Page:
If someone suggested that making very simple adjustments to one's daily routine would result in more energy, better sleep and potentially fewer aches and pains, with no adverse side effects and yet a host of beneficial side effects, would that persuade you or the people you work with to adopt them? In part one of my Journal on Active Aging (JAA) article on countering chronic inflammation for healthier aging, I described how lifestyle choices, environmental factors and genetics affect conditions related to inflammation. Since our genetics and many environmental factors--such as exposure to pollutants or environmental contaminants--are beyond our control, what we can influence are our lifestyle choices. The first article provided an overview of inflammation and focused on nutritional strategies to lower inflammation. Growing evidence is shining light on additional lifestyle factors and their relationship with the immune system. This second article offers a sampling of areas in which older adults can make simple lifestyle changes to support a healthy immune system, improve quality of life and enhance healthy aging.

more

Gerontology

Targeting elder abuse by Alice Steinfeld, MEd, MA, LPC-7619

Targeting elder abuse by Alice Steinfeld, MEd, MA, LPC

With the age 60+ population predicted to nearly double worldwide by 2050, the potential for mistreatment of older adults will increase exponentially along with their need for care and support. That's because individuals may become a target of abuse and exploitation as they grow more dependent due to frayed community connections, inadequate social support for families, and ageism that sees older people as less than equal. Whether care comes from family members, professionals or self-care, laws are needed to protect older adults from possible abuse or neglect and ensure they are treated fairly. Often, elder abuse goes unreported because the individual depends greatly on the abuser, or a lack of clarity exists concerning what constitutes such abuse. In fact, elder abuse is a serious and growing challenge. Like other types of domestic violence, elder abuse is complicated. Contributors include a mixture of psychological, social and economic factors, along with the mental and physical conditions of both survivor and abuser. As professionals dedicated to quality of life for older adults, we all have a responsibility to participate in attempts to stop elder abuse, despite the inherent difficulties. So, how do we prevent or end something so complex?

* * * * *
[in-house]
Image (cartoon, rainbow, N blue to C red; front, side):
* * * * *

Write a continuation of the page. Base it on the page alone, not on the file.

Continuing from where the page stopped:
more

Gerontology

Prevent, treat, survive: Eating well through the continuum of cancer by Lori S. Kiker, MS, RDN, LD, CSO-7617

Prevent, treat, survive: Eating well through the continuum of cancer by Lori S. Kiker, MS, RDN, LD, CSO

Research reflects progress in the fight against cancer over the past decades. In the United States, overall age-adjusted death rates declined 27% between 1991 and 2016, largely due to fewer people smoking and improved early detection and treatment, says a recent American Cancer Society report. Most new cancer diagnoses occur in adults 50 and over; specifically, 80% of new diagnoses in the US and about 90% in Canada are in the 50+ age group. As a result, cancer cases will continue to rise in line with a growing older population. By staying physically active and maintaining good nutrition, adults diagnosed with cancer in later life may better tolerate cancer treatments and get the most from their therapies. Individuals often have questions about nutrition throughout the disease journey and may come to you-as an active-aging professional-for help. This article provides the answers to many common questions people have asked me as a Registered Dietitian Nutritionist specializing in oncology. It also tackles some widespread myths about nutrition and cancer.

more

Health conditions

Total items: 1143

icaa 100 members